# What is the value of E in math?

Math has many important constants that give the discipline structure, like pi and i, the imaginary number equal to the square root of -1. But one constant thats equally important,

Math has many important constants that give the discipline structure, like pi and i, the imaginary number equal to the square root of -1. But one constant thats equally important, though perhaps lesser known, is Eulers constant, e.

**You love numbers. So do we. Lets nerd out over numbers together.**

It shows up all the time in math and physics, most commonly as a base in logarithmic and exponential functions. Its used to calculate compounding interest, the rate of radioactive decay, and the amount of time it takes to discharge a capacitor. As Stefanie Reichert puts it in Nature Physics, we cannot escape Eulers number.

But where does Eulers constant originate from? And what exactly is it?

## What Is Eulers Constant?

This content is imported from YouTube. You may be able to find the same content in another format, or you may be able to find more information, at their web site.

Eulers constantwhich youll also see some math experts refer to as Eulers numberis an irrational number, meaning you cant reduce it to a simple fraction. Just like pi, es decimals go on forever without repeating. If you want to get technical, this is what e looks like to the 100th decimal point:

2.71828182845904523536028747135266249775724709369995957

49669676277240766303535475945713821785251664274...

If youve ever taken an entry level calculus course, youve probably run into Eulers constant, since its the base for the natural logarithms. It looks like this: eln x= x.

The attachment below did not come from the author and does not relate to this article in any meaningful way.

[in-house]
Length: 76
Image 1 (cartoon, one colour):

While graphing the equation y=ex, youll find the slope of that curve at any given point is also ex, and the area under the curve from negative infinity up to x is also ex. Eulers constant is the only number in all of mathematics that can be plugged into the equation y=nx for which this pattern is true.

## Who Discovered Euler's Constant?

The story of e is a bit convoluted and includes the contributions of three mathematicians: John Napier, Jacob Bernoulli, and Leonard Euler. For the long version, check out this piece in Cantors Paradise, a Medium publication focused on math. For the short version, read on.

In the 17th century, Napier, a Scottish mathematician, physicist, and astronomer, began looking for a simpler way to multiply very large numbers. Specifically, he wanted to find a shortcut for exponents. While Napier didnt discover the number e, he did come up with a list of logarithms that he unknowingly calculated with the constant. He published his work, Mirifici Logarithmorum Canonis Descriptio, in 1614.

## The Best Math Books

Infinite Powers: How Calculus Reveals the Secrets of the Universe

Zero : The Biography of a Dangerous Idea

The Art of Statistics: How to Learn from Data

The Joy of x: A Guided Tour of Math, from One to Infinity

It would be about another 70 years before this list of logarithms became associated with exponents. In 1683, Swiss mathematician Jacob Bernoulli discovered the constant e while solving a financial problem related to compound interest. He saw that across more and more compounding intervals, his sequence approached a limit (the force of interest). Bernoulli wrote down this limit, as n keeps growing, as e.